Istanbul’s Galata bridge; Turkeys universe reduced to a single spot of a little less than 500 meters long and a little over 40 meters wide. On the bridge it all comes together, for a moment, then parts, before coming together yet again. Like a living organism breathing in and out, with flocks of people making their way from Eminönü to Karaköy and Galata or the other way round. With numerous boats passing underneath, up to the Golden Horn or down to the Bosporus. Together with the small underground passageways connecting the bridge with tram stops and ferry docks, the bridge is a Turkish microcosm, telling the story of Turkey’s history as well as showing us glimpses of its future.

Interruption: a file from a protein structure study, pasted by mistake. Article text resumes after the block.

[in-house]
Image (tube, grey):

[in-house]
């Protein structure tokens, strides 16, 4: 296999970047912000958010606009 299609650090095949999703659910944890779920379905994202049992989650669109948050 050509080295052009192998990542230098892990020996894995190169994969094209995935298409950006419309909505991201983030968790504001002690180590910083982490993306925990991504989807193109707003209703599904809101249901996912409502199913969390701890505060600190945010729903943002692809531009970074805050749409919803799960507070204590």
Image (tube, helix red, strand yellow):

Standing on the bridge we need merely look around us to see the Gülhane gardens of the Topkapi palace – home of generations of sultans bathing in the sunlight on a warm June afternoon , to catch a glimpse of the centuries old Egyptian Bazaar – the city’s center of spice trade -, or to distinguish the silhouettes of the Yeni Camii and Süleymaniye Camii’s minarets against the darkening sky, as calls for prayers fill the air at dusk, silencing the otherwise omnipresent hooting of cars and shouts of street vendors.